After all, the reason we value liberal democracy and think it is preferable to other systems of rule, is because it allows people to pursue their own different conceptions of the good life, and allows freedom in matters of personal consicence such as religion. If you deny that right, you're not a liberal state at all, but an authoritarian one.


    You see very confused as to what i am saying, as you keep using this word "liberal" which i am pretty sure i have not used so far when describing Holland, though if i have i am sorry i led to this misunderstanding as i did not mean to use the word. I used the word Democracy and pointed out they can vote such things into law. Maybe in a "Liberal Democracy" it is the responsibilty to uphold minority wishes and freedom of religious expression, but i am not saying Holland is Liberal, i am only saying it is a Democracy, a highly conservative Democracy if i am not mistaken and to force them to be Liberal by telling them how to be is not our place. We can just dislike it from a distance, after all there are countries in thw world where it is the law women can not show any part of themselves except for their eyes and must be covered at all times and not go anywhere with out a man escorting them, yet this is already the law and has been for a long time so people in the rest of world mostly turn a blind eye and accept it. It is only because Holland is trying to change its own laws that any one has noticed or cares.

    It maybe the first step to ethnic cleansing or it may only be the first step to a Holland with out self imposed exclusions by minorities with in the nation.

    Would there be such a fuss is single faith school were been abolished in Holland or would most people agree thats a good idea? It is after all just another law that could come into effect if the majority desired it and it was put into effect by the government on a religious based issue.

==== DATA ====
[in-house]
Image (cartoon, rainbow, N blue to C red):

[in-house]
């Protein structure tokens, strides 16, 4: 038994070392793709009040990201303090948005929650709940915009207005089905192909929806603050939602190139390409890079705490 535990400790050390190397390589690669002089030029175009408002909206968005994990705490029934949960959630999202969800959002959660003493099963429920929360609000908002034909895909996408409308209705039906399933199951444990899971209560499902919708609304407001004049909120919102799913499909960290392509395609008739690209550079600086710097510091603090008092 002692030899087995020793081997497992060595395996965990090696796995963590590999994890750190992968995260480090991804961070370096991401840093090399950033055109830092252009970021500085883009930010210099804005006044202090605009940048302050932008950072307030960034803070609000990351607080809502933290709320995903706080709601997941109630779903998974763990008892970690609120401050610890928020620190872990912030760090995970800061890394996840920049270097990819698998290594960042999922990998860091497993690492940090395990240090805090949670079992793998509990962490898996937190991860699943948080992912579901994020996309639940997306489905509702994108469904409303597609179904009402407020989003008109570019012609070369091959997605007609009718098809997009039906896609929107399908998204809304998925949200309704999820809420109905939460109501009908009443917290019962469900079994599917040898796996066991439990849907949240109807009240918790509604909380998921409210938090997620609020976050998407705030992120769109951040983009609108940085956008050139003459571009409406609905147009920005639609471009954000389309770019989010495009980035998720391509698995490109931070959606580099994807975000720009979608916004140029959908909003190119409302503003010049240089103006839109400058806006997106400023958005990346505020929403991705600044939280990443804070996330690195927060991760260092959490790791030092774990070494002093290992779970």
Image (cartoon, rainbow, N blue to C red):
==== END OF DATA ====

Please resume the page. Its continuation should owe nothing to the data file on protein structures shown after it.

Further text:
• Former MemberFormer Member Posts: 1,876,324 The Mix Honorary Guru
    I never said I was pro France's policy on religious expression (save myself from hypocricy :p). I found a quote from president Chirac:

    "Wearing a veil, whether we want it or not, is a sort of aggression that is difficult for us to accept."

    I haven't done enough research on intolerance and built a personal view to simply pinpoint the line of religious tolerance but I do agree that in public places, you should be allowed to express your religion. However, i am strictly against wearing full veils in schools and i am generally pro a completely secular state (although this is not always possible). I find it sad that Holland are following France's past road towards complete religious intolerance and that you have, as an individual, the right to wear whatever you want, providing no harm is being caused (which, clearly, it isn't - i find Chirac's view of a veil being a sign of agression completely ludicrous).

    Secularism and religious expression can co-exist and, in fact, they should.


    :yes: I find this a very agreeable and intelligent point :yes:
  • Former MemberFormer Member Posts: 1,876,324 The Mix Honorary Guru
    .
  • Former MemberFormer Member Posts: 1,876,324 The Mix Honorary Guru
    So, basically based on that there are very few "Liberal" Democracies then anywher ein the world, hardly any at all in fact.

    I never said in the remotest sense that Liberal meant Liberalism, i did study politics and learn what the ideology of Liberalism is, i also learned to be democratic does not mean the state has to defend minorities with in that state. It is pretty clear what i said and my point is the same.
    It even says in that wiki quote that the individual has a part to play in the choice of those who govern them, it does not say that those who govern them cannot make laws that a minority disagree with. If they do, then that government can be voted out of power, well only enough people disagree with such a policy that is.
  • Former MemberFormer Member Posts: 1,876,324 The Mix Honorary Guru
    Getting back to the OP, yes, I do think its right, and it should be brought in over here too.